Sci-Fi Lost Mars, edited by Mike Ashley

Lost Mars, edited by Mike Ashley

This anthology is subtitled "The Golden Age of the Red Planet" and is a companion volume to the British Library's Moonrise, reviewed in my previous post. Like that book, this one includes some of the more interesting but largely forgotten SF of the past, and starts with a substantial introduction in which the editor gives an overview of how Mars has been treated in fiction from the earliest times to the mid-20th century.

Interest in stories about visits to Mars were kindled by the development of the telescope. The most notable early tale appeared in 1744: The Speedy Journey, by German astronomer Eberhard Kindermann, who put all of the current knowledge or informed speculation about the planet into a fictional form. Just as with the Moon, actually getting to Mars was the problem early authors faced: the best Kindermann could do was to adopt a 17th century proposal for an airship held aloft by globes from which all air had been evacuated, with forward progress being made by the means of oars. His space travellers find intelligent humanoids living on Mars, and spend much time discussing religion. Other stories followed, always focusing on the Martian inhabitants who were generally held to be more advanced, intelligent and peaceful than humanity.

Interest in Mars moved up a gear after the close conjunction of 1877, during which the two Martian moons were discovered and the Italian astronomer Schiaparelli believed that he had observed straight lines which he called canali (channels). He never claimed that these were artificial, but others jumped to that conclusion (most notably the US astronomer Percival Lowell) so there was an explosion of fiction featuring the "canals" of Mars, constructed to channel water from wet poles to the dry deserts. These continued to represent the Martians as humanoid, wise and benevolent, until the rude shock of H.G. Wells's The War of the Worlds, which created a sensation when published in 1897.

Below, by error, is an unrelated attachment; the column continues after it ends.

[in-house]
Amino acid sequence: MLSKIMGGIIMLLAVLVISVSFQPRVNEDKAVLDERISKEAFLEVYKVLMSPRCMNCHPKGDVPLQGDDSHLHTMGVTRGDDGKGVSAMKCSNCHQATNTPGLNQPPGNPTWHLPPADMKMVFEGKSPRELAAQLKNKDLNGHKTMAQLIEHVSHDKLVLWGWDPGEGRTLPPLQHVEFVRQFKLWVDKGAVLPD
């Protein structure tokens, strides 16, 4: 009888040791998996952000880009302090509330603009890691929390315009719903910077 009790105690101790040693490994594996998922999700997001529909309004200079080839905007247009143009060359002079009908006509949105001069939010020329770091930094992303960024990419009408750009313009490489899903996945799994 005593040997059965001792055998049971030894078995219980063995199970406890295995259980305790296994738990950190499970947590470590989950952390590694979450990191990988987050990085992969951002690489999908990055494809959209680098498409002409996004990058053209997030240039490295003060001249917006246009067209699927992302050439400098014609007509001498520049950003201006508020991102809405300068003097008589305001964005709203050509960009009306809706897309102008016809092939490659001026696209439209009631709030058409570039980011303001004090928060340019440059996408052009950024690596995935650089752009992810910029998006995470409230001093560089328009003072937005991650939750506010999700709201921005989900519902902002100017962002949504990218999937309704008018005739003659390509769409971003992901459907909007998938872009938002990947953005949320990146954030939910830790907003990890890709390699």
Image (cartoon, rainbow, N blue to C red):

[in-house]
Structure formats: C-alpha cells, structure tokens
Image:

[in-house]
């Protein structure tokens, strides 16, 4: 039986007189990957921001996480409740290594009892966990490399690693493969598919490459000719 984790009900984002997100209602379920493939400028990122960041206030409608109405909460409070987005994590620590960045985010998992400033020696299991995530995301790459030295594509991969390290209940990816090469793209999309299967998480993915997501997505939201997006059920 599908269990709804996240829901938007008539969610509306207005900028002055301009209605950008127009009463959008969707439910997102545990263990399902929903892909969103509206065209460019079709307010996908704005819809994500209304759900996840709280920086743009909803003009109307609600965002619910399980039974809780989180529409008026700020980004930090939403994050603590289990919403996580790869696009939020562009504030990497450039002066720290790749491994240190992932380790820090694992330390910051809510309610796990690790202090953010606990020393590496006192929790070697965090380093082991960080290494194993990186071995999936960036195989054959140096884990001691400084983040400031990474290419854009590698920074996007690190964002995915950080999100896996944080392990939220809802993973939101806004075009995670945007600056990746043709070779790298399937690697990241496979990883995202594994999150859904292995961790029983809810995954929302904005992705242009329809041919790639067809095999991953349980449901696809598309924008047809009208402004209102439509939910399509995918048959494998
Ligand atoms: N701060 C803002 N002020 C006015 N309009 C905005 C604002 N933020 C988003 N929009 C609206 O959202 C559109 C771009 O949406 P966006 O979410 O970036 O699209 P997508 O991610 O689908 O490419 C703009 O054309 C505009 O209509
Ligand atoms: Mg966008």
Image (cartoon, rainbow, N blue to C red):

Fiction set on Mars then tended to spilt, one strand being the "planetary romances" (hero from Earth rescues beautiful Martian princess etc), initiated by the highly influential Edgar Rice Burroughs and followed-up by the US "pulp fiction" magazines, before being revived in a more thoughtful form by Leigh Brackett who in turn inspired Marion Zimmer Bradley. The other strand pictured Mars as a dead or dying planet, as in stories by E.C. Tubb, Walter M. Miller and most, notably, Ray Bradbury. One of my favourite novels, The Iron Thornby Algis Budrys, which I reviewed here a few years ago, also gets a mention.

So to the stories:

The Crystal Egg by H.G. Wells: first published 1897. Published in the same year as The War of the Worlds, this is a very different kind of story. It features an object rather than a person, a sphere made of crystal which belongs to the elderly owner of an antique shop. In certain conditions, he discovers that he can see what appears to be another world through the crystal. He involves a young experimenter who is able to determine that the world is Mars, populated by a variety of creatures. The story is notable for the depth of characterisation of the people and their relationships. A memorable and rather haunting tale.

Letters from Mars by W.S. Lach-Szyrma: first published c.1889. The author wrote a long series of stories purporting to be letters from a Venusian, a flying being who visited other planets and reported on his findings. In this selection of letters, he studies the Martians and the way in which they live. There are some interesting observations: the Martians keep warm by occupying deep cave systems heated using geothermal energy (the author argues that this form of energy should be adopted by humanity, along with tidal power). He also mentions fish farms as a way of resolving food shortages. A curious mixture of a dated approach with some modern ideas.